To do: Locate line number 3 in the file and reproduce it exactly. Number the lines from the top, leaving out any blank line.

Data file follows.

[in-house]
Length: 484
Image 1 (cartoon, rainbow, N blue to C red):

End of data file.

Image 1 (cartoon, rainbow, N blue to C red):